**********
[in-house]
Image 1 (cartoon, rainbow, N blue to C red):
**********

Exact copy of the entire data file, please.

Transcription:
[in-house]
Image 1 (cartoon, rainbow, N blue to C red):